All of this leads to the patient stop communicating with people. He begins to wear clothes that cover most of the body and can even sign up for plastic surgery. Many patients are prone to anorexia and bulimia.

Cognitive manifestations:

  • Poor concentration of attention;
  • A fine line between the real and the imaginary;
  • Impaired logical thinking;
  • Decreased level of intelligence.

A patient with neurosis-like schizophrenia may not have all of these symptoms. However, just a few are enough to seek help from doctors.

 

Case

The most frequent sign of pseudoneurotic schizophrenia is phobias. In this case, patients are afraid of insignificant things, sometimes pretentious things. At times, they are afraid that they can be frightened of something. In clinical practice, there are cases when patients are afraid to put on glasses because they can transfer them into another reality.

The most common fear in this type of schizophrenia is open spaces and illness. However, there are times when a person is simply afraid of dying if they don’t count to ten. Gradually, the fears get bigger and bigger, and they begin to rule his life. The patient loses control of his actions.

Another symptom is obsessions which develop along with fears. Because of them, this form of schizophrenia is often confused with OCD. The person with schizophrenia constantly performs some rituals: walks around a chair several times before sitting down, forces his mother to touch a chair leg, goes to bed wearing a hat and one sock, etc.

Often people with schizophrenia of this type find faults in themselves that do not exist. The problem is that such delusions can lead to self-torture, including various diets. There is a risk of organ damage. Then the mental illness is joined by a bodily one.

There are also patients with the compulsion of a shopaholic. In this case, the person is ready to spend all the money and won’t even worry about it. With OCD, the patient can also become a spender, but he is aware that he is acting irrationally and is ready to accept help from doctors.

 

Differences between OCD and Schizophrenia

OCD differs from schizophrenia in many ways. A doctor would never confuse the two disorders. Obsessions and compulsions are common. However, with neurosis, a person tries to overcome them or at least hide them. The person with schizophrenia does not do this because he believes he is doing well.

Neurotics retain their common sense. They are aware of their actions, even if they are done automatically, i.e. in the form of compulsions. At the same time, they understand that this condition is not normal. Moreover, they try to behave correctly. Only in severe cases the control completely disappears.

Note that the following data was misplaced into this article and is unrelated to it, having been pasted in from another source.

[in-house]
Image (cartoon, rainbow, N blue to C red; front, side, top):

People with schizophrenia, on the other hand, have split mental functions. They are not critical of their condition. They can behave defiantly or strangely, but they do not realize that they cause shock to those around them. In other words, people with this form of schizophrenia perceive themselves as healthy.

Hallucinations in neurosis also occur, but they are short-lived and appear mostly before going to sleep when the brain is tired and after waking up when brain activity is not as active as it is during the day. The OCD patient understands that the cause of the hallucinations is his illness.

In schizophrenia, voices and visions are spontaneous and may be chronic. Delusions and hallucinations can transport a person’s consciousness to another reality.

The main difference between OCD and schizophrenia is that the former does not cause a personality disorder. A person can completely get rid of the disorder without tracing consciousness. Schizophrenia leaves a defect; it affects the person. In severe cases, there is a complete breakdown of the personality.

 

Treatment of OCD and Schizophrenia

OCD is treated with the help of psychotherapy. Mild sedatives may be prescribed to relieve symptoms, i.e. anxiety. Antidepressants are used only as a last resort. After elimination of the factor which provoked the disorder and the primary symptomatology, the patient returns to everyday life.

Even with an unfavourable outcome, OCD cannot progress to schizophrenia, as they are two different origins. One is neurosis, and the other is psychopathology.

Schizophrenia requires long-term treatment. And it continues throughout life, even if the symptoms don’t bother you anymore. It does not mean you have to lie in hospital and take medication until death, but you will need to see a psychotherapist and psychologist systematically.